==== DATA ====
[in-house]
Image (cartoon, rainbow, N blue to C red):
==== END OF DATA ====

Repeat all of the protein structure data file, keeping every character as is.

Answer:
[in-house]
Image (cartoon, rainbow, N blue to C red):